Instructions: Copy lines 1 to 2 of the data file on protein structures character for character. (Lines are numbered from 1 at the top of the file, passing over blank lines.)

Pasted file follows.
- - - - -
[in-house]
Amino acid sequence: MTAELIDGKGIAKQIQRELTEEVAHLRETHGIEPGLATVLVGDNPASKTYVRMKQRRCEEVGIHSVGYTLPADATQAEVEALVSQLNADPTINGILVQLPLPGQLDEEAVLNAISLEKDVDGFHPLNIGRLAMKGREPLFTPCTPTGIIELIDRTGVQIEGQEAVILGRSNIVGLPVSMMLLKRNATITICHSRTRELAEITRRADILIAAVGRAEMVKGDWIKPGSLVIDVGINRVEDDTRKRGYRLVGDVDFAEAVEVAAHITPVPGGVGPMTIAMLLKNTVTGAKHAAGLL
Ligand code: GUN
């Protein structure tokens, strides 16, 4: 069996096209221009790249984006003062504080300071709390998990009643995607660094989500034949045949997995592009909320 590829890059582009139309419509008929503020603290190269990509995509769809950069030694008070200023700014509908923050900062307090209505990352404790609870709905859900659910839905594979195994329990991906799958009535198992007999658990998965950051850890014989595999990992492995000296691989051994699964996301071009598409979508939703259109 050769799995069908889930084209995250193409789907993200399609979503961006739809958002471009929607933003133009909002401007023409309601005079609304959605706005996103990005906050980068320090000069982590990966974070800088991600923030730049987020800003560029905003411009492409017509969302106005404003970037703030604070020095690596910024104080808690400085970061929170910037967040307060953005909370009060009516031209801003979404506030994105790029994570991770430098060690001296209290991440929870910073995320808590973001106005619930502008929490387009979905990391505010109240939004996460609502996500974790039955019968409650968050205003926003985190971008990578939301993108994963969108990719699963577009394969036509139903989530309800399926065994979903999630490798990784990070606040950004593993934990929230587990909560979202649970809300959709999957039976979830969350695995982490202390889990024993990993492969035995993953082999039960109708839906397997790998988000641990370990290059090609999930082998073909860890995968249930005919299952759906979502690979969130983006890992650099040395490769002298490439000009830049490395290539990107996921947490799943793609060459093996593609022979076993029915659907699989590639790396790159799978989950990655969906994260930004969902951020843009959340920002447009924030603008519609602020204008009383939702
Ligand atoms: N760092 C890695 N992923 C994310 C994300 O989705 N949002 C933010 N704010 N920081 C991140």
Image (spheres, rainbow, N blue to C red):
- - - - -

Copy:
[in-house]
Amino acid sequence: MTAELIDGKGIAKQIQRELTEEVAHLRETHGIEPGLATVLVGDNPASKTYVRMKQRRCEEVGIHSVGYTLPADATQAEVEALVSQLNADPTINGILVQLPLPGQLDEEAVLNAISLEKDVDGFHPLNIGRLAMKGREPLFTPCTPTGIIELIDRTGVQIEGQEAVILGRSNIVGLPVSMMLLKRNATITICHSRTRELAEITRRADILIAAVGRAEMVKGDWIKPGSLVIDVGINRVEDDTRKRGYRLVGDVDFAEAVEVAAHITPVPGGVGPMTIAMLLKNTVTGAKHAAGLL